What is Non-Bank Mortgage Lending in New Zealand?

If you can’t get a mortgage through a bank, there are other lenders in the market offering home loans. Canstar reveals all you need to know about non-bank mortgage lending in New Zealand.

All home loans are mortgages, but not all mortgages are issued by banks. Last year in New Zealand, around 1.6% of mortgages were issued by non-bank lenders. While that’s not a huge amount, it’s still a large sum of money: $67m from a total of $4.2bn.

But what are the benefits of borrowing for a home from a non-bank lender, and are there any additional costs involved? Canstar explains the pros, cons and costs of non-bank mortgage lending in New Zealand.

What is a non-bank lender?

There are 27 registered banks in New Zealand. This means they can hold people’s money and offer accounts such as savings and transaction accounts and term deposits. All NZ banks are registered with the Reserve Bank of New Zealand (RBNZ) and are highly regulated to ensure their customers’ money is in safe hands.

Non-bank lenders are financial institutions that offer credit and loan products, such as mortgages, that are not funded by other customers’ deposits. Instead, non-bank lenders rely on wholesale funding markets, securitisation, private investors, and other sources to finance their mortgage lending activities. While non-bank lenders still have to comply with the Credit Contracts and Consumer Finance Act (CCCFA), which promotes responsible lending, they are far less regulated than banks.

For example, their lending doesn’t have to comply directly with loan-to-value ratios (LVRs), which limit lending to people with low deposits. And non-bank lenders won’t be affected by the RBNZ’s proposed debt-to-income (DTI) restrictions.

Although non-bank lenders are subject to the same regulations as other borrowers when securing warehouse funding from NZ banks.

→ Related article: What Are Debt-to-income (DTI) Ratios?

Because non-bank lenders have more flexibility in their lending procedures, they are often more accommodating of home buyers who have been rejected by the big banks and their one-size-fits-all approach to mortgage lending.

For example, when authorising a home loan, a bank will delve into an applicant’s employment history. If the applicant is self-employed, the bank will want to see their financial accounts for at least two years, and will check to ensure all their tax liabilities are up to date. Also, the bank will use the applicant’s lowest-earning year as the benchmark for their borrowing potential. This can cause problems for self-employed home buyers.

Non-bank lenders are also more willing to lend to borrowers who have less-than-perfect credit histories, and those with unique financial circumstances.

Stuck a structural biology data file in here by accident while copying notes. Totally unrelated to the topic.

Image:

However, this greater willingness to take on riskier loans does mean that non-bank lenders tend to charge higher fees and interest rates than the big banks.

Advantages of non-bank lenders:

  • Fewer regulatory burdens and corporate structure constraints compared to big banks
  • More flexible lending criteria, for example more accommodating of self-employed borrowers who might lack the paperwork required by the big banks
  • More willing to lend to those with unique financial circumstances and borrowers with imperfect credit histories
  • Potential for more personalised customer service and niche product offerings

Disadvantages of non-bank lenders:

  • Higher interest rates and fees
  • Don’t offer the suite of financial products offered by the big banks, e.g. credit cards, savings accounts and online banking
  • Lack the recognition and brand presence of the big banks
  • Perceived lower financial security and safety compared to traditional banks

What non-bank lenders are available in New Zealand?

There are many non-bank lenders offering home loans in New Zealand. However, the only one to feature on Canstar’s home loan comparison table is Resimac.


In last year’s Canstar Outstanding Value Home Loans Awards, Resimac won for both its Investment Floating Home Loan and its Residential Floating Home Loan.

Resimac offers mortgage solutions for borrowers:

  • Employed full-time, part-time or contracted, and the self-employed with full documentation
  • Who sit outside of typical financial structures
  • Seek alternate forms of income verification
  • Who are self-employed and don’t receive a regular salary
  • That are professional property investors

To compare how Resimac’s mortgages compare with others in the market, use Canstar’s mortgage comparison tool by hitting the button below.

Compare Home Loans

About the author of this page

This report was written by Canstar’s Editor, Bruce Pitchers. Bruce has three decades’ experience as a journalist and has worked for major media companies in the UK and Australasia, including ACP, Bauer Media Group, Fairfax, Pacific Magazines, News Corp and TVNZ. Prior to Canstar, he worked as a freelancer, including for The Australian Financial Review, the NZ Financial Markets Authority, and for real estate companies on both sides of the Tasman.

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